Fast-food battle moves to Southern California
Faced with fresh assaults on fast food from politicians and anti-obesity activists, the restaurant industry is gearing up to fight back, emphasizing the role fast-food businesses have played in providing jobs and entrepreneurial opportunities.
Starting next year, major chain restaurants in California will have to include calorie counts of items on menus. Last week, San Francisco officials passed the so-called Happy Meal ban, which forbids toys to be included with meals that don't meet nutritional standards. Santa Clara County had earlier approved such a ban.
Now the battle switches to Southern California, where the city of Los Angeles wants to bring back -- and tighten -- restrictions on establishing new fast-food restaurants in some minority neighborhoods where obesity is a significant health problem.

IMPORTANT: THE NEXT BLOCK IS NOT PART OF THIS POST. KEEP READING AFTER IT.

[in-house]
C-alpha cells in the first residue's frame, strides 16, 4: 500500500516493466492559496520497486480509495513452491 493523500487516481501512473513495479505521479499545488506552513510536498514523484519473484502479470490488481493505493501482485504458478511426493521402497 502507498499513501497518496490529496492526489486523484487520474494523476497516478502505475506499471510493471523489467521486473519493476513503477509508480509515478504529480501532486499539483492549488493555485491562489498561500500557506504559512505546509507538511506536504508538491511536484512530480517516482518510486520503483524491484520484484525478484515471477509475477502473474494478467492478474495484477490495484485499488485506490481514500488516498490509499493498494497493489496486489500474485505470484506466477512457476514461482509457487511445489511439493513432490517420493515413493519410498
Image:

The measure unanimously passed the Los Angeles Planning Commission last month and is expected to be taken up by a City Council committee later this month. Behind the scenes, lobbyists have been working City Hall, pointing out that McDonald's, Burger King and other franchises have brought jobs, management training and entrepreneurial opportunities to many disadvantaged people in those very same communities.
-- Sharon Bernstein
Photo: Associated Press